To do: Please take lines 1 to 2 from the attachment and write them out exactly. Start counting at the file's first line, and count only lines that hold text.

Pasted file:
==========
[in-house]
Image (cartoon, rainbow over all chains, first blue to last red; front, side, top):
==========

[in-house]
Image (cartoon, rainbow over all chains, first blue to last red; front, side, top):